Don’t thin your primer with water if your rolling it on and use very little if your spraying it on. If you go into new construction houses after MOST painters prime them, you will see through the primer to the paper of the Sheetrock, that’s because they thin the primer to save money and that’s not right. They get very mad at me when i tell them it isn’t done right, and i have had to paint some walls in some houses before because the painter told the home owner the reason they can see all the mudded places on the walls was because of the Sheetrock finishing. when in fact it was because they thinned down the primer and then the paint to not have to buy as many materials so they could make more money.

That’s wrong, and every time i prove them wrong. i go in and roll primer on a wall and then pole sand it with 120 grit paper to remove any fuzzed up places or trash, them i paint it and you cant see anything but a flat wall.

There’s no excuse for it except laziness and greed.

I know i just made alot of painters mad, but i believe in doing a job right. The paint manufactures have set guidelines for a reason, and it doesn’t say you can thin a 5 gallon bucket of paint with 5 gallons of water. most say use up to a gallon at most per 5 gallons. and that’s for spraying. I might use a quart in 5 gallons if I’m rolling it on.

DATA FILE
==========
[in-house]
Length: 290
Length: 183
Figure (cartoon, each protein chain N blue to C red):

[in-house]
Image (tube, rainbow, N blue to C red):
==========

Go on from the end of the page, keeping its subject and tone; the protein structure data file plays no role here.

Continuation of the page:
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hope this helps

Repair Plaster with Fast Setting Sheetrock Mud That Last Longer Then Plaster and Takes 1/4 of the Time and Skill

Repair Plaster with Hot Mud

The plaster repair I speak of is called Hot Mud, a powder type, fast setting, joint compound that comes in ranges from 5 minutes to 90 minutes drying times. The 5 minute type is for small repairs and 90 minutes is for larger repairs. When it sets up it’s like concrete and water will not desolve it when it dries. The best brand is USG. I’ve tried several brands but do not like any of the others. The advantages are great for using “hot mud”, it dries so quick, mixes with water and is sandable, and you can mix as little or as much as needed in a pan or bucket. I’ve repaired cracks without even taping them and never had them crack again.

How To cut and Hang Drywall

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How To Finish Drywall

Repairing & Fixing Drywall

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For the info Click Here!